4. What do the locals do?

Learning traditional weaving from indigenous Guatemalan women in Quetzaltenango in 2009. 

Sometimes this is hard to find out before you get to a place. The tourism websites are frequently unhelpful in this arena—you will be going to live for a short time, rather than just passing through as a tourist. Mostly, of course, the locals do what locals do anywhere—they spend time with their family and friends, they work and they study, and they relax. One key way you can access a new culture is by finding out what they do to relax. Is there some activity or pattern you anticipate that you would like to tie in to? Some game commonly played or a sport you’ve never heard of before?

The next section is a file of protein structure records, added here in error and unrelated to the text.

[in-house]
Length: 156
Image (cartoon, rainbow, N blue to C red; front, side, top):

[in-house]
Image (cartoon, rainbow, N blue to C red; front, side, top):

If you know ahead of time, more opportunities will come your way.  

5. Learn the history of one local thing

As you’re looking into the history, culture, and passtimes of this place, see if something catches your eye as an interest. Maybe it’s a local drink or style of clothes. Maybe it’s an interest in horseracing or a national obsession with a certain sport. Maybe it’s a holiday you’ve never heard of, or a brand you know well.

Whatever this “thing” is, take some time to learn about it. This will give you a conversation starter when you arrive—something that honestly interests you and you can ask informed questions about. DO NOT study up on this so you can lecture the locals. Instead, make it an exercise in discovery. What can you learn online? How is that different from what the locals tell you? Do different parts of the community tell the story differently?